They urge establishing adequate paid parental leave, not just for parents who give birth but for all parents involved in rearing children. They say providing leave to only one parent sets up a discriminatory divide between the partner who continues to work and the person providing care.

Dr. Marshall and Dr. Salles wrote that lack of support is likely part of the reason that 40% of women in medicine switch to part-time positions within their first 6 years in practice.

They also note that too often fertility and family-building discussions focus on cisgendered women who are in heterosexual relationships.

They cite some “nonsensical“ policies around insurance. They give an example of coverage for fertility treatments that often requires trying to conceive before benefits are provided.

“How do two women, two men, or a single person try to conceive?” they ask.

Helen Kang Morgan, MD, clinical professor of obstetrics and gynecology at the University of Michigan, Ann Arbor, said that she, too, has made the trade-off the researchers describe.

Dr. Helen Kang Morgan is a clinical professor in obstetrics and gynecology at University of Michigan, Ann Arbor

Dr. Helen Kang Morgan

She was in her first year as a faculty physician at the University of Michigan when she became a mom and decided to go part time.

Unlike some of the women interviewed in the Smith et al. study, she said she felt lucky to have peer support and the support of leaders in her department who made sure she wasn’t derailed from her career path because she chose part-time work for nearly 5 years.

“For some women, part-time is the right choice and for me, at the time, it was the right choice, but it should not be the only choice. It makes it so much harder for women to advance their careers if part-time is the only option,” she said.

Dr. Morgan said this work highlights that conversations about work and parenting needs in medicine have to go from informal conversations to formal conversations.

Department leaders should be asking what female physicians need and what flexibility is needed, she said.

The COVID-19 pandemic showed how bad things could get, she said.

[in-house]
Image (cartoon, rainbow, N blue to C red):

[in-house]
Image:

In Ann Arbor, Dr. Morgan noted, schools were virtual until the spring of 2021, putting demands disproportionately on female physicians who absorbed much of the at-home child care responsibilities.

“That created gender inequities I think it is going to take women many, many years to catch up from,” she said.

COVID-19 also, however, forced medicine to incorporate more virtual options, something that should stay in finding solutions to ease the burden on physicians who are mothers, she said.

Reshma Jagsi, MD, deputy chair in the department of radiation oncology at the University of Michigan, said both policies and cultural norms need to change in medicine.

Dr. Reshma Jagsi is deputy chair in the department of radiation oncology at the University of Michigan, Ann Arbor Courtesy Michigan Medicine

Dr. Reshma Jagsi

Hospitals must find alternative approaches to the historical reliance on residents to provide clinical service needs, she said in an interview.

“It’s not just about educating women or ensuring access to fertility services – it’s also about making it more possible and acceptable for women to combine their pursuit of a medical career and beginning a family during the peak years of fertility.”

She said the medical profession – dedicated to human well-being – seems to carve out an exception when it comes to optimizing the well-being of its future members.

“It breaks my heart to read about how hard we have made it for women to succeed in our profession,” she said.

This study was funded by the American Society for Reproductive Medicine. The authors report no relevant financial relationships. Dr. Marshall, Dr. Salles, Dr. Jagsi, and Dr. Morgan report no relevant financial relationships.

Next Article: